The Ticket (2016)
Shout Factory // Unrated // $9.22 // June 6, 2017
Review by William Harrison | posted July 1, 2017
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I have read some interesting commentary on The Ticket, specifically in regards to the protagonist's behavior after he regains his sight. Dan Stevens is one of the best actors working who nobody knows. He plays James, a young father whose vision returns for the first time since his youth. Within weeks, he goes from a kind, mild-mannered telemarketer to a suave, image-obsessed cheater, leaving behind his wife Sam (Malin Akerman). The film is an interesting morality play, but it unspools almost exactly as expected. Stevens toes the line expertly between sympathy and disgust for his character, and James' actions usually are earned if not justified. I do not share the vitriol toward James some viewers expressed in the aforementioned commentary, but, if nothing else, The Ticket warrants discussion.

A tumor pushing against his optic nerve caused James to lose his sight in youth. The film opens with James confirming to the audience that he is content and thankful for his current life. That changes quickly when his vision returns. He gets an expensive haircut, buys several designer suits and purchases a fancy car before gaining licensure. His wife notices James begin to distance himself, and James moves up quickly from the call center staffed with blind telemarketers to the executive suite of his company, which buys mortgages for pennies on the dollar. He catches the eye of his flirtatious coworker, Jessica (Kerry Bishé), and pushes longtime friend Bob (Oliver Platt) away, claiming Bob is jealous of his newfound freedom. You can probably guess where all this is heading, and no, things do not go well for James.

An early test of his marriage comes when James notices the formerly unseen black eye on his young son. Sam chose to keep information that their son was fighting at school from James, but the proof is obvious once James regains his vision. He storms into the principal's office and loses it when informed his son is actually the aggressor. Sam is angry that James has begun to set bad, impulsive examples for their son. They soon part ways, and it becomes obvious James is sleeping with Jessica. Bob calls James out for his drastic behavior and personality changes, infuriating him, and begins spending time with Sam. James accuses Sam of marrying him out of pity and using him as a pet project to make herself feel better. James' behavior is at once expected and somewhat forgivable, at least some of the minor changes and infidelity aside. It seems natural that James would begin caring more about his appearance and surroundings, and his natural drive is enhanced by sight.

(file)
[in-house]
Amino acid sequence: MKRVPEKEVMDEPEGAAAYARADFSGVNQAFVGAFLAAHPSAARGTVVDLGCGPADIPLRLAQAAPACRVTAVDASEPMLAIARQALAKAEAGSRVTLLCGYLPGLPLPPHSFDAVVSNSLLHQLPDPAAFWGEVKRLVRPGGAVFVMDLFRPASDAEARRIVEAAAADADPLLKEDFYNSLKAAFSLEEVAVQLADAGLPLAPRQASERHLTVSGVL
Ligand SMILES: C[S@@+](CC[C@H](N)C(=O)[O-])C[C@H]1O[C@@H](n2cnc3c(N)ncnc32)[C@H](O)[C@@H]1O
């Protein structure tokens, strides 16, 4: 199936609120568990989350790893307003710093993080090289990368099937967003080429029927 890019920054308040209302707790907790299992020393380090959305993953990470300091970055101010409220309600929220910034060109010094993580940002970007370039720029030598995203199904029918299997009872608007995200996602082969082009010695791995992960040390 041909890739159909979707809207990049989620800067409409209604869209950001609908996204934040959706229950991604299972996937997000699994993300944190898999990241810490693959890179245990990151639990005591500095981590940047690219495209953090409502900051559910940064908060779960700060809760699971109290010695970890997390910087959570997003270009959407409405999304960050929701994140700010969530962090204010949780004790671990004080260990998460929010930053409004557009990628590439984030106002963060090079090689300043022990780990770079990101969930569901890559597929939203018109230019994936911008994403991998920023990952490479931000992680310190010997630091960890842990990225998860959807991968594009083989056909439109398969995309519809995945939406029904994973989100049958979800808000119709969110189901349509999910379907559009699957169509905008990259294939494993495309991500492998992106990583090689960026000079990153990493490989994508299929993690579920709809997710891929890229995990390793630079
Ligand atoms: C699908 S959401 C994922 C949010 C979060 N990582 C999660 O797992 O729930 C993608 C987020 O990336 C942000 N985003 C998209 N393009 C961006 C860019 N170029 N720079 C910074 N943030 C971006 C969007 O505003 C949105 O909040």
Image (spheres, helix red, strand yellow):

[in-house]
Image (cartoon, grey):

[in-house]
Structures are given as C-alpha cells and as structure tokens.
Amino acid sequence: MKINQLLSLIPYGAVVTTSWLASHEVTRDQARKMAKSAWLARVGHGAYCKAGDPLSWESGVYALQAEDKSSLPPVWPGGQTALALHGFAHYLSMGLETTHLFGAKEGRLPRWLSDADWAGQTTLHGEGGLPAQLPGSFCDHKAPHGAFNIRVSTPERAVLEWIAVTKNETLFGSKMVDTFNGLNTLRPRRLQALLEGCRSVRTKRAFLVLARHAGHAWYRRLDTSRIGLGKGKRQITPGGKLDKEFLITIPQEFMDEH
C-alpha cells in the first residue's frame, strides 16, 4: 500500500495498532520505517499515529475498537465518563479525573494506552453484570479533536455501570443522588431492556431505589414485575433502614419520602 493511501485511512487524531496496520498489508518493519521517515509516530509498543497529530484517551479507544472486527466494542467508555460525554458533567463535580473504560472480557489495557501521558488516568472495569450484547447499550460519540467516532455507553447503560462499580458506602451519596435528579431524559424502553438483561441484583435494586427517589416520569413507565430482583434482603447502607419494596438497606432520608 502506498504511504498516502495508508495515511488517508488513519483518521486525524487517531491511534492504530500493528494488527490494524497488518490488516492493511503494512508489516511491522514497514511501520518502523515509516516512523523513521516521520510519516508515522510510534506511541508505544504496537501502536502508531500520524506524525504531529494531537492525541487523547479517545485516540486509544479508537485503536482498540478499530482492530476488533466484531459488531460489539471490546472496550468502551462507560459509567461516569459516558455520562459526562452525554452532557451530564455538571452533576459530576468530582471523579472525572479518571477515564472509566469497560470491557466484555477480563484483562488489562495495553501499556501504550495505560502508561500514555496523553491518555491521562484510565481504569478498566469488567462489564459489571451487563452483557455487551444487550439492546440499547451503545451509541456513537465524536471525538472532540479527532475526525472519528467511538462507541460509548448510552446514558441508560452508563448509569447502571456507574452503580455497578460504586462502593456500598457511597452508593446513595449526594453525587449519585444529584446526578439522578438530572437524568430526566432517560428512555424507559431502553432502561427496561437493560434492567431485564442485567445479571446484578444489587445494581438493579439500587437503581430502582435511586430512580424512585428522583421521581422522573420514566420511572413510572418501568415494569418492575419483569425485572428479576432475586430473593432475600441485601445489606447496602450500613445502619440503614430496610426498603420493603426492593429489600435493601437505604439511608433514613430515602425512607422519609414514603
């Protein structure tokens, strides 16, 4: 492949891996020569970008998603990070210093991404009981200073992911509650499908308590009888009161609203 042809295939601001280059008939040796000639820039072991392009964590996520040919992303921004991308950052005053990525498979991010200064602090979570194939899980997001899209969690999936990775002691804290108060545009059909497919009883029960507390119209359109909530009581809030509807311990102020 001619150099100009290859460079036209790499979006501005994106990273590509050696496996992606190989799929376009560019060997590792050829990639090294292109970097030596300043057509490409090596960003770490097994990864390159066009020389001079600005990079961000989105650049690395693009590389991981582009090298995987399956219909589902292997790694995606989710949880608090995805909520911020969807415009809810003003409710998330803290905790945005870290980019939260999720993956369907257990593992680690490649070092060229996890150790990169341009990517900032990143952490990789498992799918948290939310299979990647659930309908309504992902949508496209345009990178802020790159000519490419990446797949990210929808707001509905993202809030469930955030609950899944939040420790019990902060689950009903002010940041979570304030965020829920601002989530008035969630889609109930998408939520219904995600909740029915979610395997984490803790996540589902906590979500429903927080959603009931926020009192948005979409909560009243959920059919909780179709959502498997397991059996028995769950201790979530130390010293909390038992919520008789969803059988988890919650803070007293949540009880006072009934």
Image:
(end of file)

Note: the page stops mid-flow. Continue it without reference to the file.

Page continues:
I enjoyed Stevens in The Guest, and he recently starred in the live-action remake of Beauty and the Beast. He is a strong actor, and I expect he will one day be a household name. The Ticket is ably directed by Ido Fluk, and is shot in a dream-like haze by cinematographer Zack Galler. As a morality tale, The Ticket is not especially original. Nonetheless, it entertains for 98 minutes, and benefits from strong performances across the board. I am not sure James deserves to be damned for his choices, but he certainly pays for them.



The 2.35:1/1080p/AVC-encoded transfer is decent, but suffers from a few key issues. The film is deliberately photographed with muted colors and in a yellowish haze. Still, there is plenty of texture and fine-object detail. Problematic, though, are the anemic black levels and the digital/chroma noise that pops up, particularly in darker scenes. This may be an issue with compression, as the film appears on a single-layer Blu-ray. I did not notice issues with edge enhancement or noise reduction.


The 5.1 DTS-HD Master Audio mix is subtly effective, and presents the dialogue-heavy film without major flaw. Ambient noise and the soundtrack are layered appropriately, and I noticed no distortion or hiss. An English 2.0 DTS-HD Master Audio mix is also included, as are English SDH subtitles.


Released as part of the "Shout Select" line, The Ticket is packed in a standard case that is wrapped in a slipcover. Extras include a Commentary by Writer/Director Ido Fluk and Writer Sharon Mashihi and the film's Original Theatrical Trailer (1:52/HD).


An interesting but familiar morality tale, The Ticket benefits from a strong performance from Dan Stevens. Rent It.

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